Recently, a woman I know passed away. Days after what was a long battle with an illness was over, her boss, determined to cement his place in the “Worst Boss Ever” hall of fame, sent out an email to all her friends, family members and coworkers. In it he said,
“More than anything Susan would want us to continue working through what is the worst economic crisis this country and our company has faced. She would want us to push through this recession.”
When I get to heaven, I’m going to ask God at least two questions:
1. What was the deal with fire ants?
2. How did you not just continually strike that guy with lightning bolts all day long?
Seriously, that is the worst post death message I’ve ever heard. To use someone’s passing as a platform to move more sales of your product is unbelievable. And her boss sent out multiple rounds of that same idea, just to make sure the point was driven home.
Rumor has it that one day, I too, will die, but I’m not worried about an email like that circulating about me. I don’t fear that fate because as my friend Bruce reminded me, Christians excel at coming up with creative ways to say, “He died.” Like few people on the planet, we can eulogize the loss of a friend. And if I do go anytime soon, I hope you’ll pick one of these four popular methods to say “He’s dead.”:
1. “Heaven got a new football coach.”
I read this one the other day in a newspaper article and although it won’t fit perfectly for me or maybe you, the concept works. Whatever you were doing on earth just so happens to be something they needed in heaven and now you’ll be able to fulfill that role beyond the pearly white gates. In this case, the guy was a football coach, in my case, a sarcastic writer. Either way, it’s kind of funny because it calls to mind a bunch of angels sitting around on a field with some former NFL stars wishing they had a coach who could lead them through some drills. All of the sudden, poof, he’s there and the angels are finally able to practice and eventually play the demons that Frank Peretti created in his book “Facing the Darkness.” (The demon football team by the way uses the Raiders uniform and the angels are modeled after the New England Patriots. You’ll probably claim bias on my part since I’m from New England but I’m pretty sure that’s in the Bible.)
2. “He’s looking down on us from heaven.”
Based on what we say when someone passes away, heaven involves a lot of looking down. When you get up there, there’s just a big window back to earth and instead of TV, you just watch what the people you love are doing. If that’s true, I have to imagine that some of the people watching me, like my grandfather, are like people at a horror movie that yell at the screen. Instead of screaming, “Don’t open that closet,” my grandfather says things like, “Don’t take that job Jon! Stop thinking about money first. Write your second book instead of watching an MTV Real World marathon. Oh no, you are killing me.” He probably doesn’t say that last sentence, but I do have to confess that it feels a little egotistical to assume that when someone goes to heaven, one of the main activities they do is watch our lives. They’re in heaven. No offense, I’ll keep tabs on ya’ll with whatever sort of angelic Twitter they have in heaven but I have to believe there will be a majillionity other cool things to do in heaven that don’t involve me watching you go to the grocery store or file your taxes.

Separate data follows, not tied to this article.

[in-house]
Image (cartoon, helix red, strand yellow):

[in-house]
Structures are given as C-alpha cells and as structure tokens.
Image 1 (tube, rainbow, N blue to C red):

3. “He’s with his wife now.”
Although I’ve cleared my wife to marry someone who is shorter, less funny and less handsome than me should I die an early death, according to what many people say, she’ll come hang out with me when it’s all over. It’s very popular to imagine heaven like this bus depot where our loved ones are waiting for us to finally join them. Is that what heaven is like? Do all your buddies and family members that passed away before you make a welcome home banner that they hang from palm trees (my version of heaven is all palm trees) and then when you get there, they say, “That took forever, we’ve been trying to put together a foursome for Frisbie golf. Finally.” I don’t know about that one, tough call.
4. “He’s gone to a better place.”
One of my favorite things about being a Christian is that you never have to say the phrase, “It doesn’t get any better than this,” because it does. Even if you’re one of those people I see on the television show International House Hunters where they go look at three different houses in foreign locations like the Grand Caymans Islands and then buy one and say, “We love it here. We’re so glad we’re not a middle class copywriter living in Georgia who doesn’t get to tickle dolphins every morning when the sun wakes us up from our beds, which by the way, are hammocks woven of happiness.” Even if you’re that guy, it does get better. Heaven is better, and I’m a big fan of the simplicity of “He’s gone to a better place.”
I’m not sure what people will say after I die, hopefully it will be something from that list because those are my four favorite options.
But I promise I missed some.
What’s the best thing you’ve ever heard someone say after someone else passed away?